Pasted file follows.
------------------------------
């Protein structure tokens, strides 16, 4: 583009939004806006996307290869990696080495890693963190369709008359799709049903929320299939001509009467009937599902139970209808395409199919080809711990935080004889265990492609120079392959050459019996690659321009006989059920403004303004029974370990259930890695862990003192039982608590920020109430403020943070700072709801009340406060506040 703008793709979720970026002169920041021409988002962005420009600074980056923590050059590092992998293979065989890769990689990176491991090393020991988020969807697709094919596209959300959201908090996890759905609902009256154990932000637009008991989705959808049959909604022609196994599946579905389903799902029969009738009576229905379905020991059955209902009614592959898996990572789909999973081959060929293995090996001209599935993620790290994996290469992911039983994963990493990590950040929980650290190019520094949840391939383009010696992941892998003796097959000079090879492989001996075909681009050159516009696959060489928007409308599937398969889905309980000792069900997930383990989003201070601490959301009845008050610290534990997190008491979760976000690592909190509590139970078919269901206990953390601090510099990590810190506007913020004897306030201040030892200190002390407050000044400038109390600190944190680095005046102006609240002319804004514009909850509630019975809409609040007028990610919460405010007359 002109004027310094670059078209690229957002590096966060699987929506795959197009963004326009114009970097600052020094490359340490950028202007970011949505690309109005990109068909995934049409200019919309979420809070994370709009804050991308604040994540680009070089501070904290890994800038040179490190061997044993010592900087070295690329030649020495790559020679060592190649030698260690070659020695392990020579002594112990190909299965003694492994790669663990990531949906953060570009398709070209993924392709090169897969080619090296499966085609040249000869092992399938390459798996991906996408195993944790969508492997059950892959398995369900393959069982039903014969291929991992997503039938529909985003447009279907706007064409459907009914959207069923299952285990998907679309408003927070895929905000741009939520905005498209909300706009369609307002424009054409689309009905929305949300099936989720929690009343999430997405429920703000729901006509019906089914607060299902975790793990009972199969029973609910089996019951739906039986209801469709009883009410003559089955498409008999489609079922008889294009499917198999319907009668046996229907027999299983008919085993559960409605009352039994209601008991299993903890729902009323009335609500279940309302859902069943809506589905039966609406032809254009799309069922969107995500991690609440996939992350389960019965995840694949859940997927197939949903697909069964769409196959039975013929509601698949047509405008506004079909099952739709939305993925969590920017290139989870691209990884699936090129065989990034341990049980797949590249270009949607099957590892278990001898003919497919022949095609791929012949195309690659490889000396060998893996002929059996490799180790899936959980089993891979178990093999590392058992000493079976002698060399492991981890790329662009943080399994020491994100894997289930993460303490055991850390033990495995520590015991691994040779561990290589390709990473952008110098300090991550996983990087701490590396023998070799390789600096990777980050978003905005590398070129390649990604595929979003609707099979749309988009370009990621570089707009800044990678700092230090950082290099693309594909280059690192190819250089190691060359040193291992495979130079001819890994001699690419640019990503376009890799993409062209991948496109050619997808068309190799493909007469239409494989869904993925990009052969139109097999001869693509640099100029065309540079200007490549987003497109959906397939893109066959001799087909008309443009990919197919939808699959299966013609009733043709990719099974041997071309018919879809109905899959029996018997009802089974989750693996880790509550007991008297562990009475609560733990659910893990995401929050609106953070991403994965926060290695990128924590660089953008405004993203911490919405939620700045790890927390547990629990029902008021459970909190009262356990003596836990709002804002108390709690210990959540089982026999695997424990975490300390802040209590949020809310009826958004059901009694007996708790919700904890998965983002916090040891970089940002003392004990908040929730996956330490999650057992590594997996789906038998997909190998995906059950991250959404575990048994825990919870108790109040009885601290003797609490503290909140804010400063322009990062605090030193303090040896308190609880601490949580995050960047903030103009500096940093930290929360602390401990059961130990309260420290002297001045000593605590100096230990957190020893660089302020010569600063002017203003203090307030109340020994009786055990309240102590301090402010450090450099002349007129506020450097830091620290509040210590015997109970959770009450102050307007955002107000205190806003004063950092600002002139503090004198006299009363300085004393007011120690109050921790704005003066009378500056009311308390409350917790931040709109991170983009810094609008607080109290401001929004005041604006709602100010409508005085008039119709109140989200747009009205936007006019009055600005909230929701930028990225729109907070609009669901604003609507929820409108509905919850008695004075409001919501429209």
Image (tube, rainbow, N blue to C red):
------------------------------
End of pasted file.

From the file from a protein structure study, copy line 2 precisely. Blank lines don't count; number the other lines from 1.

Image (tube, rainbow, N blue to C red):